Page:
Too much privacy can be dangerous

It is a hard line.  What to tell the whole group and what to keep private?

When groups are forming and building their cohousing neighborhoods, they are open books. They ask others how they did it and what agreements they had. Then, once they start living there, they are suddenly quite quiet to outsiders.

And to each other?  It’s a hard call. Supposedly someone in my neighborhood was doing something illegal and someone else saw it and talked to them about it. I have no idea what it is and I”m curious.  Unfortunately, the person who told this story didn’t have the same sense of danger and knowledge as I do. If it’s something like taking drugs and hurting themselves, big deal. But if it hurts others. Like an adult doing something people feel creepy about with kids. As a parent, I’d want to know to protect my children. If I wasn’t a parent, I’d still want to know to protect the kids I love in the neighborhood.

It reminds me of a tragedy. A couple and their two young children were driving in California when a sudden snow storm stranded them. They were lost and way off track. They couldn’t use their phone.  They were getting colder and colder as days continued on.  People worried that they didn’t arrive at their destination.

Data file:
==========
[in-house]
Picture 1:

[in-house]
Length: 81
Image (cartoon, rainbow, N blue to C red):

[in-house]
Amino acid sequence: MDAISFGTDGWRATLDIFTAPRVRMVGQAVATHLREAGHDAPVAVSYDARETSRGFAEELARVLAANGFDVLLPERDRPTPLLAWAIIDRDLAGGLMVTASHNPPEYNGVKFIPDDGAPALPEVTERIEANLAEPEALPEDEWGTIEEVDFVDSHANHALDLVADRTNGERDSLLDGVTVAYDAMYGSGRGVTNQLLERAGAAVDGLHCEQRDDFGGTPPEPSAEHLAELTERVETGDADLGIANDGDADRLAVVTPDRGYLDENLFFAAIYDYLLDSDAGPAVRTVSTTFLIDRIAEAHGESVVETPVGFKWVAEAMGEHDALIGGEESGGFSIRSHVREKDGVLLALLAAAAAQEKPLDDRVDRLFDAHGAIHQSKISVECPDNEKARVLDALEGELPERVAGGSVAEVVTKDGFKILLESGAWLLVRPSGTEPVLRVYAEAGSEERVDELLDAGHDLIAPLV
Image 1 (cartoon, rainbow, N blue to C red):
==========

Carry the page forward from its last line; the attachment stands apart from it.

One man worked for the cellphone company. He saw where their phone had pinged. Due to privacy concerns, that information was not shared with authorities. By the time the family was finally found, the baby had frostbite and the father had died of hypothermia.

I’d rather err on knowledge is power than strict privacy policies.

About CJ

I was a Spanish teacher for 5 years in the Public School system in 3 different states. I homeschooled and taught at a democratic free school. I heard about cohousing in 2010 and wanted to move in right away. I met a group building one in 2018 and got to move in the summer of 2019. It only took a year to want out.
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